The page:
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Batteries used in hybrid and electric cars work hard and run hot. Traditional cooling systems use an array of pumps, heat exchangers, cooling fans and hoses to manage that heat. Florida’s Embry-Riddle Aeronautical University needed something lighter and simpler for its entry in the Department of Energy’s EcoCAR 3 competition.
The solution: an aluminum cooling plate filled with biobased phase change material.
A team of mechanical engineering students at the school designed and built the plate under the direction of Sandra Boetcher, associate professor of mechanical engineering.
The school’s EcoCAR entry required that the plate use a PCM with a peak melting point of 45 degrees Celsius (113 degrees F). To achieve that temperature, the team selected two commercially available PCMs – PureTemp 37 and PureTemp 48 – and mixed them together.
Boetcher explains the photo at right:
“That’s the inside of the plate before we sealed the aluminum lid on it. On the inside is a copper tube. At the time we put this in the car, we were under a strict deadline and did not have time to redo the bending of the copper tube. The copper tube feeds a cold ethylene-glycol/water mixture as backup for when the PCM has completely melted and needs to resolidify while the car is driving.
“I was concerned that the copper tube didn’t provide enough coverage of the area, but that cold plate has been in the car for the past 2.5 years and it works great. Actually, the back-up pump that runs the ethylene-glycol/water through the copper tube rarely even turns on which means that under our test-driving conditions, the cold plate is acting 100 percent passive. The terrible part of the PCM is that it loves to leak. We feel that there has been some leaking.”
The plate is lighter and simpler than a water-cooled system. “It doesn’t take any energy to run,” said Patrick Currier, an associate professor who advises the EcoCAR team. “We’re not wasting power cooling things. This is a totally passive system, so unless it leaks, it can’t fail.”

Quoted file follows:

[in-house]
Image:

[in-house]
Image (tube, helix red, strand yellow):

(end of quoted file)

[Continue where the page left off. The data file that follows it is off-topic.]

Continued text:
Embry-Riddle filed for a U.S. patent on the device in 2015.
“The diagrams in the patent are similar to what we have in the EcoCAR right now, although the geometry is a little different,” Boetcher said. “The research we are conducting is still on-going. The applications we envision could be anything that requires PCM – battery cooling, building technologies, etc.”
Embry-Riddle is one of 16 North American universities challenged to redesign a 2016 Chevrolet Camaro into a hybrid-electric car to reduce environmental impact, while maintaining the “muscle and performance” the car is known for.
The teams have had four years to develop their entries. The cars will be put to the test in a variety of events in Arizona and California in May. Winners will be chosen in 40-plus categories at an awards ceremony in Hollywood on May 22, with more than $100,000 in prize money at stake.
U.S. patent application 20180112114 (applicant Phase Change Energy Solutions, Asheboro, N.C.):
“In one aspect, compositions are described herein. In some embodiments, a composition comprises a latent heat storage material having a solid-to-gel transition between about 50° C. and about 100° C. at 1 atm. In some embodiments, a composition comprises a foam and a latent heat storage material dispersed in the foam, the latent heat storage material having a solid-to-gel transition between about −50° C. and about 100° C. at 1 atm.”
U.S. patent application 20180114998 (applicant Hyundai Motor Co., Seoul, South Korea):
“A thermal management system for a fuel cell vehicle includes a first line including a coolant pump and a fuel cell stack, a second line including a coolant heater and a phase change material (PCM) and connected to the first line to form a first loop in which the coolant pump, the stack, the coolant heater, and the PCM are arranged, a third line including a radiator and connected to the first line to form a second loop in which the coolant pump, the stack, and the radiator are arranged, and an opening and closing valve opening and closing each of the first line, the second line, and the third line to allow the coolant to circulate in at least one of the first loop and the second loop, wherein the PCM is configured to be heat-exchanged with the coolant heater and the coolant.”
• John Curley, former technical sales manager at Conex Bänninger and Viega Ltd., has rejoined Monodraught Ltd. as technical consultant.